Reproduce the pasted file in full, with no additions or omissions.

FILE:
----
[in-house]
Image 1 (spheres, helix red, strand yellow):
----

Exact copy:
[in-house]
Image 1 (spheres, helix red, strand yellow):